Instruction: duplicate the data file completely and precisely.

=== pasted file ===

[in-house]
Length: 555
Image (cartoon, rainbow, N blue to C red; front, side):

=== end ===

[in-house]
Length: 555
Image (cartoon, rainbow, N blue to C red; front, side):